H&M Group has just announced an expansion of its partnership with Swedish textile recycling startup Renewcell as it strives to become more circular. As part of the multi-year agreement, Renewcell will supply the fast fashion giant with its Circulose fibres made from unusable textile waste, which can be used to produce “millions” of sustainable garments across its brands.
Announced on Friday (November 19), H&M Group and Renewcell have signed an industry-first agreement, which will see the textile recycling startup supply the fashion behemoth with thousands of tonnes of Circulose, its pioneering virgin-quality recycled waste fibres. Over a five-year period, H&M will be using Circulose to “produce millions of garments across its brands”, among them H&M, COS, Monki, Weekday, Cheap Monday, ARKET and & Other Stories.
In continuing our long-term partnership with Renewcell, this agreement is an important milestone not only for H&M Group, but also for the wider industry in terms of having a circular product like theirs available at scale.Pascal Brun, Head of Sustainability, H&M
“One of the biggest barriers to replacing virgin fibers and using more sustainable materials is the availability of these materials at scale. Agreements like this represent a profound shift in making this a reality,” said H&M in a statement.
“In continuing our long-term partnership with Renewcell, this agreement is an important milestone not only for H&M Group, but also for the wider industry in terms of having a circular product like theirs available at scale,” added Pascal Brun, head of sustainability at H&M.
H&M incorporated Circulose in its Conscious Exclusive collection in March this year, marking the first retailer in the industry to ever use the recycled fabric. Other brands that have since used Circulose include Levi’s, who has used the fabric to make its “most sustainable jean yet”.
Renewcell makes Circulose from reconstituted cotton derived from old recycled jeans and other unusable recovered waste textiles, combined with biodegradable wood pulp. The fibre is unique because it replaces the need to use raw forest material, reduces textile and water waste, while offering no compromise on the texture and quality for apparel.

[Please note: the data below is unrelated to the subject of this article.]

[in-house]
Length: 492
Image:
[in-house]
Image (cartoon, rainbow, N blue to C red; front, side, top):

Currently, the fashion industry uses up enormous amounts of virgin new fibres – with some reports estimating the figure reaching 53 million tonnes annually – making reusing old fabrics and fibres crucial if brands hope to promote sustainability and reduce their unsustainable consumption of natural resources.
I believe that this kind of partnership will become a model for how fashion brands integrate innovations to reduce their negative impact on climate and the environmentPatrik Lundström, CEO of Renewcell
Speaking about its multi-year collaboration with H&M, one of the world’s biggest fashion houses, Renewcell CEO Patrik Lundström said: “We are proud to have taken the next step in our long relationship with H&M Group, a global industry leader that once again puts its words into action to change fashion.”
“I believe that this kind of partnership will become a model for how fashion brands integrate innovations to reduce their negative impact on climate and the environment,” he added.
The news is the latest in a slew of measures H&M has taken to clean up its role in fuelling the fashion industry’s environmental footprint. Since last year, the brand has launched a number of circular initiatives, from transforming its Stockholm flagship into a rental, repair and recycling concept to introducing other innovative upcycled materials such as Vegea, a plant-based leather made using wine waste.
It has also recently launched a new “Looop” system within one of its Stockholm stores, a display where customers can see its garment-to-garment recycling machine that represents its new closed-loop fashion approach, as well as endorsing Finnish biotech Infinited Fiber along with a number of other fashion giants, who have pledged to incorporate the firm’s patented limitless recycling technology into their collections in the future.
Lead image courtesy of Renewcell.